From Wikipedia, the free encyclopedia

Rabb (Arabic: رب, lit.'lord') is often used in Arabic to refer to God as Lord or Master.[1] The term is used by Arabic-speaking Muslims, Christians, and Jews.[2][3]

In the Quran, God refers to himself as "Rabb" in several places. When it is used with the definite article (al-Rabb) the Arabic word denotes "the Lord (God)". In other cases, the context makes it clear as to whom the word is referring to, in this case, "rabb" refers to "owner, master", for example rabb al-dar (رَبُّ ٱلْدَّار) means "master of the house/residence".

God in Islam is referred to by many qualities and attributes. In the first Surah, Al-Fatihah of the Quran, introduces this Title "Rabb" in the first Verse, "All Praise and Gratitude is due to God, Rabb of all the worlds and Universe", thus stating clearly that God takes care, nourishes, fosters through every stage of existence, in which everything between that exists.

In the Indo-Gangetic plain, especially in the Punjab region, the term "Rabb" or "Rab" is used by Muslims, Sikhs, Hindus and Christians to refer to God.[3]

See also[edit]

  • Rabbi – Hebrew word with a similar etymology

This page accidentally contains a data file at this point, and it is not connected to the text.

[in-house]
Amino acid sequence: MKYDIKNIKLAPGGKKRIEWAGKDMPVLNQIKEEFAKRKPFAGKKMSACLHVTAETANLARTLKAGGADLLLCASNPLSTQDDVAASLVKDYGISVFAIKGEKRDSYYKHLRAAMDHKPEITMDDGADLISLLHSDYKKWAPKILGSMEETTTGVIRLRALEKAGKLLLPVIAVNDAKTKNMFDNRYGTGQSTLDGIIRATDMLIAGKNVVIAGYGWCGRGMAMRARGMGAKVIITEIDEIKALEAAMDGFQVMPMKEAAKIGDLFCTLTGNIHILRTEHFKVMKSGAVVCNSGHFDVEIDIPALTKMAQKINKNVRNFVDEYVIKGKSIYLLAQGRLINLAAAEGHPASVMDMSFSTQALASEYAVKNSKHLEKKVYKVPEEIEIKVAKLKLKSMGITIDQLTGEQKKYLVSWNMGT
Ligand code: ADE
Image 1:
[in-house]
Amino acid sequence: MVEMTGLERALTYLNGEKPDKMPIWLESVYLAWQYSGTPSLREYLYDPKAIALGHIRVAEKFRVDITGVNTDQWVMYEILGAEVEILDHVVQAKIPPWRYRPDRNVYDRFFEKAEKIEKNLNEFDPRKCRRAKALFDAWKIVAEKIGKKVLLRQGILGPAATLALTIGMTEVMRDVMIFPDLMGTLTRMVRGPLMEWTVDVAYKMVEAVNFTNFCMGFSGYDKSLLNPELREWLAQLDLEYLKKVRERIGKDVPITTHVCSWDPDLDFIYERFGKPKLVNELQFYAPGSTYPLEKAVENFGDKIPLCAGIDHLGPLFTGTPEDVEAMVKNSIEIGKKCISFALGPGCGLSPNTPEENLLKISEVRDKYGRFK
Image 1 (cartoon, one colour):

• Rebbe – Yiddish term derived rabbi, it mostly refers to the leader of a Hasidic Jewish movement.


  1. ^ Yuskaev, Timur R. (18 October 2017). Speaking Qur'an: An American Scripture. Univ of South Carolina Press. ISBN 978-1-61117-795-4. Indeed, "Lord" is a direct translation of the Arabic word Rabb.
  2. ^ Wan, Enoch (2004). Christian Witness in Pluralistic Contexts in the 21st Century. William Carey Library. p. 35. ISBN 978-0-87808-385-5. After the rise of Islam, Jews, Christians, and Muslims used "Allah" for Elohim and "theos" when they quoted or translated the Bible in Arabic as they did in their dialogues together. Arabicish versions have tended to transliterate Yahweh or use the word rabb (Lord) as Jews used adonai.
  3. ^ a b Singh, Wazir (1990). Sikhism and Punjab's Heritage. Punjabi University. For instance 'Rabb' is the most popular Name of God in Punjabi. Hindus, Muslims and Sikhs frequently use this Arabic word which means Lord or Master.